Now before you guys get the vapors and think I am boxing you into some rigid format that will ruin your creativity, nothing could be farther from the truth.

Plot is about elements, those things that go into the mix of making a good story even better.

Structure is about timing—where in the mix those elements go.

When you read a novel that isn’t quite grabbing you, the reason is probably structure. Even though it may have good characters, snappy dialogue, and intriguing settings, the story isn’t unfolding in the optimum fashion. ~James Scott Bell from Plot and Structure.

Structure has to do with the foundation and the building blocks, the carbon chains that are internal and never seen, but will hold and define what eventually will manifest on the outside—banana or butterfly? Paranormal Romance? Or WTH? Structure holds stories together and helps them make sense and flow in such a way so as to maximize the emotional impact by the end of the tale.

If an author adheres to the rules, then the possible combinations are limitless. Fail to understand the rules and we likely could end up with a novel that resembles that steamy pile of goo like from that scene in The Fly when Jeff Goldblum sends the baboon through the transporter but it doesn’t go so well for the baboon. The idea was sound, but the outcome a disaster…okay, I’ll stop. You get the idea. Structure is important.

We are going to first put the novel under the electron microscope.

The most fundamental basics of a novel are cause and effect. That is super basic. An entire novel can be broken down into cause-effect-cause-effect-cause-effect (Yes, even literary works). Cause and effect are like nucleus and electrons. They exist in relation to each other and need each other. All effects must have a cause and all causes eventually must have an effect (or a good explanation).

I know that in life random things happen and good people die for no reason. Yeah, well fiction ain’t life. So if a character drops dead from a massive heart attack, that “seed” needed to be planted ahead of time. Villains don’t just have their heart explode because we need them to die so we can end our book. We’ll talk more about that later.

Now, all these little causes and effects clump together to form the next two building blocks we will discuss—the scene & the sequel (per Jack Bickham’s Scene & Structure). Many times these will clump together to form your “chapters” but all in good time.

Cause and effect are like the carbon and the hydrogen. They bind together to form carbon chains. Carbon chains are what make up all living organisms. Like Leggos put together differently, but always using the same fundamental ingredients. Carbon chains make up flowers and lettuce and fireflies and all things living, just like scenes and sequels form together in different ways to make up mysteries and romances, and thrillers and all things literary.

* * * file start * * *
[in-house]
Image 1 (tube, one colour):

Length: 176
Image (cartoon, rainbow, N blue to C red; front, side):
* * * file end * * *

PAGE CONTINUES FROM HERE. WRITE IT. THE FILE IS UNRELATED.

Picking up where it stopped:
Structure’s two main components, as I said earlier, are the scene and the sequel.

The scene is a fundamental building block of fiction. It is physical. Something tangible is happening. The scene has three parts (again per Jack Bickham’s Scene & Structure, which I recommend every writer buy).

  • Statement of the goal
  • Introduction and development of conflict
  • Failure of the character to reach his goal, a tactical disaster

Goal –> Conflict –> Disaster

The sequel is the other fundamental building block and is the emotional thread. The sequel often begins at the end of a scene when the viewpoint character has to process the unanticipated but logical disaster that happened at the end of your scene.

Emotion–> Thought–> Decision–> Action

Link scenes and sequels together and flesh over a narrative structure and you will have a novel that readers will enjoy.

Oh but Kristen you are hedging me in to this formulaic writing and I want to be creative.

Understanding structure is not formulaic writing. It is writing that makes sense on a fundamental level. On some intuitive level all readers expect some variation of this structure. Deviate too far and risk losing the reader by either boring her or confusing her.

Can we get creative with pizza? Sure. Can we be more than Domino’s or Papa John’s? Of course. There are countless variations of pizza, from something that resembles a frozen hockey puck to gourmet varieties with fancy toppings like sundried tomatoes or feta cheese. But, on some intuitive level a patron will know what to expect when you “sell” them a pizza. They will know that a fried quail leg served on filo dough with a raspberry glaze is NOT a pizza. Patrons have certain expectations when you offer them a “pizza.” Pizza has rules. So do novels. Chemistry and biology have rules, so do novels. We can push the boundaries, but we must appreciate the rules…so that we can break them.

Some books to help you understand structure: Story Engineering by Larry Brooks is a MUST HAVE in your library.  This is a fast read that makes plotting simpler than you ever dreamed possible. Another WONDERFUL book is James Scott Bell’s Plot and Structure. My final favorite is Save the Cat, by Blake Snyder. This is a book about screenplays, but the lessons are just as applicable to novelists.